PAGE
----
After Microsoft hits reset on its Xbox DRM policies, gamers react

xbox one feature art

It seems like the backlash was too much for Microsoft: Yesterday, President Don Mattrick wrote a blog post officially walking back the changes the company had made to game DRM for the Xbox One, citing “user feedback.”

“While we believe that the majority of people will play games online and access the cloud for both games and entertainment, we will give consumers the choice of both physical and digital content,” Hattrick wrote.

Here’s a summary of the changes:

  • No more constant internet connection needed for disc or downloaded games, but you do need one to set the system up initially.
  • Users will be able to play offline, but will no longer have the ability to play a game without the disc in the tray.
  • Sharing is at the owner’s discretion, but is limited to physical sharing of the disc. The Xbox Live library shares introduced by Microsoft no longer exist.
  • Games are eligible for resale at the behest of retailers (like Gamestop).

Essentially, the Xbox One now, for all intents and purposes, operates the same way that the Xbox 360 does today — no cloud, no sharing, and no Internet.

This extensive rollback of all of Microsoft’s changes to the console has lead fans to call it the “Xbox 180″ — and has divided a gaming community that is now suddenly confused about how to feel towards the Xbox One.

The change hasn’t necessarily won back the hearts of gamers automatically — some in the community are now reacting towards Microsoft’s seemingly “all-or-nothing” behavior that sacrifices all of cloud gaming and sharing properties to bring offline play to the table.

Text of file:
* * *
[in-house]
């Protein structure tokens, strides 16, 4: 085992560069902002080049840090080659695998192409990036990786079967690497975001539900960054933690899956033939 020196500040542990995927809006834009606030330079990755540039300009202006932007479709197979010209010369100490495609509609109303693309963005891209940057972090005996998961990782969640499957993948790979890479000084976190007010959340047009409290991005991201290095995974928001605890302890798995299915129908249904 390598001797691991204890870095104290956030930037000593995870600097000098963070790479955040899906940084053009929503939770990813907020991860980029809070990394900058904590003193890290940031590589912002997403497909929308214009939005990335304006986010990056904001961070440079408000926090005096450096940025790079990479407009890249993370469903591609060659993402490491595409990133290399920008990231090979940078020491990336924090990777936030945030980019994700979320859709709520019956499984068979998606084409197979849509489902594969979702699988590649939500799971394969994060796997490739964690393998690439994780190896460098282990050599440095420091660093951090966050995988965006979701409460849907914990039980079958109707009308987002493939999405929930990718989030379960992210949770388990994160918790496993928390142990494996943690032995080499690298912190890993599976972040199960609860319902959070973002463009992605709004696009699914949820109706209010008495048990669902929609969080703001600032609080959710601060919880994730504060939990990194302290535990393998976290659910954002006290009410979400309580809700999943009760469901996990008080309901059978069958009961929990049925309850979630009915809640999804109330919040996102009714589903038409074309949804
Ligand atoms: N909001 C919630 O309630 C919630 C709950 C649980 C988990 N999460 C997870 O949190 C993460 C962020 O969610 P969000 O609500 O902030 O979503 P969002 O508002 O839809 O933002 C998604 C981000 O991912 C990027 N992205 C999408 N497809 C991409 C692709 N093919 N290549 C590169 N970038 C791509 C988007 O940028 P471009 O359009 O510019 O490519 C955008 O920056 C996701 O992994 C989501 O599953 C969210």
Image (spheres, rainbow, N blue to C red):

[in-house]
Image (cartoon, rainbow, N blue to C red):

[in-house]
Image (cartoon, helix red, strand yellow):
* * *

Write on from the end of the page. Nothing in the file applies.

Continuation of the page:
A popular infographic posted onto /r/ gaming, entitled “What We Want Xbox One,” shows how Microsoft could divide DRM based on media choice and gives a pretty clear indication that the only thing gamers want in this instance is choice. The choice to play into the DRM measures that unlock the access to the cloud, and the option to play offline at another time.

Still others are involved in the backlash to the second backlash, defending Microsoft and deriding others for complaining about the features in the first place. One notable person in this camp is Gears of War creator Cliff “CliffyB” Bleszinski, who expressed concerns on Twitter that walking back the DRM meant Microsoft left small-time developers out in the cold and prey to the resale industry.

“I want *developers* who worked their asses off to see money on every copy of their game that is sold instead of Gamestop. F*ck me, right?” Bleszinski tweeted.

And, still others are concerned that Microsoft refuses to address the level of data collecting and privacy implications of the system itself, and continue to press the company on unveiling more information about the system as a whole.

Plenty of memes still poke at Xbox One’s other mandatory feature, the Kinect. SlashGear has also reported that the Xbox Kinect may have to come with a warning sticker that announced the government may have access to the device if a new bill, entitled the “We Are Watching You” Act, passes congress. Microsoft has done very little to allay concerns about privacy, which still has the potential to turn away a large section of the fanbase.

In the long term, it’s hard to imagine that Microsoft has alienated its entire community wholesale, and that its snap-decisions will drastically affect the Xbox One or future consoles from the company. However, what this proves is that forced DRM by requiring a constant online connection or server check-ins will never fly with the core gaming fanbase. When purchasing a game, players want to feel a sense of choice and of ownership — that the game is theirs. Microsoft’s DRM undermined ownership, so the community complained.

I believe that there is a way to successfully implement a cloud-based system, but the next company to take a crack at it needs to listen to the gamers. Because really, all they want is the option. Is that too much to ask?

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